OK to Ask Employee to Delete Tweets per NLRB

The NLRB found a fast food restaurant in Pennsylvania did not violate federal labor law when it asked a worker to delete certain Twitter postings, including one with “cheap #labor.” The Board’s ruling comes after an Administrative Law Judge found among other things, that the company violated the employee’s right to discuss wages and working…
Read More

NLRB [Again] Overturned Decision that Pro-Union Buttons Violated Work Rules

In Boch Honda the employer maintained a handbook policy that prohibited customer-facing employees from wearing, among other things “message” pins. NLRB ALJ determined that the employer’s interests in workplace safety and preventing damage to vehicles met the special circumstances standard and justified the ban. As it’s prone to do, the NLRB reversed the ALJ and determined…
Read More

Whole Foods’ No Cell Phone Recording Policy: The Devil is in the Details

Fellow Ohio attorney Jon Hyman, author of “Ohio Employer’s Law Blog” recently dove deep into the footnotes of the Whole Foods decision and resurfaced with an excellent, albeit frightening, analysis of the Board’s thought process. Footnotes 7 and 9 may provide a peek into the Board’s future desire to, as Jon says, “stretch the definition…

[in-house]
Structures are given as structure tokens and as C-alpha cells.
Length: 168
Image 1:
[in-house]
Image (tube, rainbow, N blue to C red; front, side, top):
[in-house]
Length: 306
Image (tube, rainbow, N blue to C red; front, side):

Read More

NLRB’s Ruling that Whole Foods’ No Cell Phone Recording Policy May Be Short Lived

A few weeks ago, the NLRB ruled that non-union Whole Foods’ workplace policy that prohibits employees from recording conversations or taking pictures with their phones was unlawful. The Board thought this policy stifled open conversation. Ironically, Whole Foods said the policy was, in fact, to encourage open conversation because people may be less frank if…
Read More

Companies Continue to Struggle with Limitations on Confidentiality

The National Labor Relations Board has been clear that companies cannot impose a blanket confidentiality rule on employees during investigations. However, it seems that employers are still having difficulty with this new standard. In a recent case, a hospital used company forms that requested that employees interviewed during company investigations keep the interviews confidential and…
Read More

American Apparel Media Policy Causes a Stir

Four American Apparel employees filed complaints with the NLRB alleging that the company’s newly implemented media policy prevented employees from making statements to the media about American Apparel. Days after the complaints were filed, American Apparel’s general counsel sent an email to the four employees stating that the media policy only prohibits employees from expressing…
Read More